We began the year with a short sermon series called “20:20 Vision”, and I began that series by quoting the ancient philosopher Heraclitus: “Change is the one constant in life”. Still, never in my wildest dreams in January did I ever imagine the scale of change that is currently fostered on us today!
Nonetheless, what the Scriptures said to us back in January remain true today. In the opening sermon, I asked: “how can we navigate change, especially when we feel unsettled?” In that series, I encouraged us as a church to move on in maturity, and join in God’s mission. That is still the encouragement of the Scriptures to us today. We don’t stop growing in maturity and proclaiming the mystery of Christ in a Covid-19 age; if anything, we should be even more determined to do so. But before we do all that, the Scriptures reminded us we must do something even more foundational – we must anchor ourselves in Christ.
And so this season, especially this week, as we head into Good Friday and Easter – I want to encourage all of us to just slow down and do precisely that. As you know, we are currently working our way through the psalms. And one verse that has jumped out at me from the psalms is Psalm 27:4 –
“One thing I ask of from the LORD,
this only do I seek:
that I may dwell in the house of the LORD
all the days of my life
to gaze on the beauty of the LORD
and to seek him in his temple.”
To gaze on the beauty of the LORD. That was David’s desire. But what is especially striking is the environment in which he longed for this. He didn’t long to do so merely in times of tranquility. In the verses immediately preceding verse 4 – the wicked are advancing against him to devour him, war might break out – but he longs still to know God and to see his beauty. Similarly, in Isaiah 33:17, where there is a threat from outside against God’s people, God reassures them about the nature of his kingly rule with these amazing words: “Your eyes will see the king in his beauty”.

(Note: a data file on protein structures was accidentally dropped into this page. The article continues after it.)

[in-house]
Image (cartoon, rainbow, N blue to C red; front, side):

In this season, whether we are on the frontlines or not, perhaps this is the word the Lord wants to say to us. If we have naturally activist personalities, we find it difficult to just sit down and so try to lose ourselves in busyness – attending all sorts of webinars, tinkering with mini-projects, trying to engage in “personal development”. Certainly as a pastor, I do sometimes feel the pull to be seen doing something, or otherwise be accused of being lazy or dispensable! Or if we are more chill, we might find ourselves being lost in Netflix and internet browsing all day.
But what if God is using this time to invite us to “gaze on his beauty”? What if he’s deliberately taking us out of comfort zone by removing our typical distractions, and asking us to take stock of our relationship with him, to sit with ourselves and ask where we are, spiritually speaking? What if he is stretching us beyond our limits as we find ourselves working exhausting hours, to ask us where our dependence lies? Perhaps we don’t want to peer too deeply into ourselves, because we’re afraid of what we find there. We know ourselves, and we know there are places where no one else knows, but which look ugly. But perhaps God is now inviting us to a place where we have to live by faith – to come to terms with our lack of loveliness, and so have to trust his word entirely when he says he treats us according to his grace.
Cultivating our relationship with God takes time – it can’t be accomplished on the run. But this Holy Week, let us make a start. Meditate again on Jesus. Watch him enter Jerusalem as a king, but on a donkey. See him share his final supper with his closest friends, and think about John’s words in 13:1 – “having loved his own who were in the world, he loved them to the end.” Go to the Garden of Gethsemane with him, and see his “sweat” like “drops of blood falling to the ground” as he cries out to the Father and submits to his will. And consider Jesus, “the pioneer and perfecter of faith. For the joy set before him he endured the cross, scorning its shame, and sat down at the right hand of the throne of God.” (Hebrews 12:2). Ask the Lord to reveal himself truly to you as you ponder his Word and meet him there. Let us long for Christ this season.
Continuing to keep you in my prayers,